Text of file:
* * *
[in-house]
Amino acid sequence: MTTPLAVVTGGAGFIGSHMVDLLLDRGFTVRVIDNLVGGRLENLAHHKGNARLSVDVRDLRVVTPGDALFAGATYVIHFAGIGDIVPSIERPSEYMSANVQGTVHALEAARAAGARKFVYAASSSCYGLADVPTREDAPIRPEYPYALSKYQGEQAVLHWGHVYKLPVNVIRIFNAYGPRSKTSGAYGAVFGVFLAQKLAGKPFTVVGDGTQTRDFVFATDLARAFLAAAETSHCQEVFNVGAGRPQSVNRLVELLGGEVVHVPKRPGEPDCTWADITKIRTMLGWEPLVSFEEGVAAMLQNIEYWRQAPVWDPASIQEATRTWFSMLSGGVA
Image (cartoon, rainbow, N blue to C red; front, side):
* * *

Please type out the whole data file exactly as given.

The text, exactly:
[in-house]
Amino acid sequence: MTTPLAVVTGGAGFIGSHMVDLLLDRGFTVRVIDNLVGGRLENLAHHKGNARLSVDVRDLRVVTPGDALFAGATYVIHFAGIGDIVPSIERPSEYMSANVQGTVHALEAARAAGARKFVYAASSSCYGLADVPTREDAPIRPEYPYALSKYQGEQAVLHWGHVYKLPVNVIRIFNAYGPRSKTSGAYGAVFGVFLAQKLAGKPFTVVGDGTQTRDFVFATDLARAFLAAAETSHCQEVFNVGAGRPQSVNRLVELLGGEVVHVPKRPGEPDCTWADITKIRTMLGWEPLVSFEEGVAAMLQNIEYWRQAPVWDPASIQEATRTWFSMLSGGVA
Image (cartoon, rainbow, N blue to C red; front, side):